BlackBerry Ltd. reported fiscal third-quarter revenue that fell well short of analysts' estimates, overshadowing the company's milestone achievement of generating cash earlier than promised.
Revenue dropped 34% to $793 million in the three months ended Nov. 29, missing analysts' estimates for $931 million. BlackBerry shares fell 5.6% to $9.51 at 9:54 a.m. New York time. Earlier, the stock plunged as much as 9.6% for the biggest intraday drop since July.
On a conference call with analysts today, Chief Executive Officer John Chen said revenue in the quarter was "not satisfying" and that he needs another couple of quarters before sales will rise. "Now we'll turn our attention to revenue," he said.
BlackBerry generated positive cash flow of $43 million, a quarter earlier than promised, and posted an adjusted profit of 1 cent a share as Chen's turnaround strategy starts to come to fruition. Chen has said that his goals were to reach break-even cash flow by the end of this fiscal year and then return to sustainable profit and revenue growth next year.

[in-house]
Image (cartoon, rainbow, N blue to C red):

Colin Gillis, an analyst with BGC Partners in New York, said while the stock is down today because of the revenue miss, it shouldn't distract from the company reaching positive cash flow.
"You're able to turn a profit, you're able to generate cash on a much lower revenue number this quarter, what's going to happen when your revenue number goes up next quarter?" Mr. Gillis said in a phone interview.
Since taking over last year, Chen has focused on providing software and security for governments and corporations, while also introducing new phones that cater to business users, like the Passport and the Classic, which was introduced on Wednesday.
The Waterloo, Ontario-based company recognized revenue on about 2 million smartphones, down from 2.1 million in the second quarter. It was the first quarter that customers could buy the square-screened Passport, which debuted in September. The week the phone was introduced, Mr. Chen said the company had pre-sold 200,000 Passports.
Mr. Chen said today that orders for the Classic are higher than orders were for the Passport at the start.
Today, Mr. Chen said the company is still on track to double software revenue by next year.
BlackBerry posted earnings of 1 cent a share, excluding some items, the first adjusted profit in seven quarters. Analysts on average had estimated a loss of 5 cents a share, according to data compiled by Bloomberg.
The company reported a net loss of $148 million, or 28 cents a share, compared with a loss of $4.4 billion, or $8.37 a share, a year earlier. BlackBerry ended the quarter with $3.1 billion in cash and equivalents.